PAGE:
Terrorism Experts Weigh In: What Kind of Attacks Might We Expect?
Hijackings, bombs on planes, bombings of military and diplomatic facilities, and using planes as weapons are just some tactics that radicalized Islamists have used against Americans. The 1970s and 1980s saw the hijacking of a TWA flight and the bombing of a Pan Am flight. During the 1980s and 1990s, more Americans were killed in the attacks on the Beirut Marine barracks, the Beirut embassy, the Kenyan embassy, and the Tanzanian embassy, as well as the bombing of the USS Cole.
Terrorists became more brazen in the 1990s, when they attempted to attack within America. CIA headquarters were attacked in 1993, the first attack on the World Trade Center also occurred in 1993, and letter bombs from Egypt were sent to a Kansas prison in 1997. The evolution of these terrorist acts led to the horrific attack on September 11, 2001.
The goal of al-Qaeda and its splinter groups is to kill Americans as part of the global jihad. They have been described as an adaptive, determined, resourceful, constantly evolving enemy, willing to die for their cause. They constantly react to new counterterrorism measures. James Loy, a retired Coast Guard admiral, gives examples of how terrorists adapt: cockpit doors were reinforced, so the terrorists tried a shoe bomb; shoes were screened, so the terrorists tried liquid explosives; liquids were not to be carried on planes, so the terrorists tried an underwear bomb. The latest attempt involved bombs placed in cargo compartments.
It seems America can never achieve checkmate, because the terrorists are studying the possible vulnerabilities. Fran Townsend, former Bush Homeland Security advisor, comments:
[The] enemy watches us and understands what we do, and develops ways to work around us and exploit our vulnerabilities.
Because of these vulnerabilities, former CIA Director Michael Hayden feels America might suffer Mumbai-style attacks that will be “less sophisticated, less organized, less lethal, less [detectable], but possibly more numerous.” A former Bush official asks:
Al-Qaeda’s game plan is to create panic, damage our economy, and make us weaker. Was the attack in Mumbai, India, a rehearsal for something here?
What makes these types of attacks harder to detect is the ability to use radicalized American operatives. Al-Qaeda adapted by attempting to recruit U.S. citizens such as Farooq Ahmed, who targeted the transportation systems in Washington, D.C., and Virginia. This is a great cause of concern since these people are receptive to the propaganda easily spread through the internet. Townsend notes:
[Using radicalized Americans] takes away one of their vulnerabilities. Every time [terrorists] have to cross a border they become vulnerable, so these types of operatives are their most valuable resource. It is harder to detect their communication and travel plans. Let’s also not forget the legal burdens and restrictions that come with trying to capture these Americans since collection of intelligence data on U.S. citizens is limited.
A powerful tool to thwart these attacks is the cooperation of moderate American Muslims. Clare Lopez, a terrorism expert, wants to see more American Muslims “break ranks and speak up in their own communities condemning shariah-justified violence,” as was done when someone turned in Ahmed.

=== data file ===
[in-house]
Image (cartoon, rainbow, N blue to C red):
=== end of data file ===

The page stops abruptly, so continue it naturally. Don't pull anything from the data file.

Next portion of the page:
Stewart Baker, former assistant for Homeland Security whose book Skating on Stilts covers past and future terrorist attacks, told PJM that the terrorists still have a fascination with bringing down planes.
In August of this year, a cell phone taped to a Pepto-Bismol bottle and multiple cell phones and watches taped together were found in luggage on a passenger plane. After the package bomb discovery, a former high-ranking CIA official said that he considers the August discovery “ a very plausible and possible trial run. It was a test to see how far they could go. It seems very suspicious.”
To combat this threat, Townsend wants “a 100% worldwide baggage screening on all passenger planes. These problems can be solved with good technology, but the private sector must be in the solution process.”
Is there still a need to worry about the nuclear and biological threat? A former high-ranking CIA official believes it is still a possibility:
We need to assume they could still do a big one. These little things could be a diversion, a distraction, so we would believe all they can do are the small attacks. There is the possibility of an attack using a bomb with radioactive material, or the use of a surface-to-air missile against an aircraft. The absolute consensus is that if al-Qaeda gets their hands on one of these, they will use it. That is a real danger. Although [risk of] nuclear war is decreased, nuclear terrorism is increased.
Townsend explains that there are states which do not provide adequate security for their nuclear arsenal. The scenarios she gives:
Nuclear capability transferred from a state -- Iran -- to a terrorist organization -- Hezbollah, or a radical working inside a nuclear complex of a satellite state, such as Pakistan. The terrorist group can then build a nuclear IED. It can turn into a very dark world. I frankly think there is a need to deal with these threats before they manifest themselves at home and I don’t see it.
All those interviewed believe the answer is to keep the pressure on by capturing and interrogating the terrorists. Hayden summarized everyone’s feelings:
The way to counter them is not to think solely in terms of defense. We must keep on the offensive, attacking them and keeping them off balance. What we have done under the two administrations is make the [terrorist] senior leadership spend the day thinking about their survival and less time thinking about threatening ours. We have taken the fight to the enemy.
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